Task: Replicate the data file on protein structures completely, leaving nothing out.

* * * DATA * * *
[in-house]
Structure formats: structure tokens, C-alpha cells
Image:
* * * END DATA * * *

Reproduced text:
[in-house]
Structure formats: structure tokens, C-alpha cells
Image: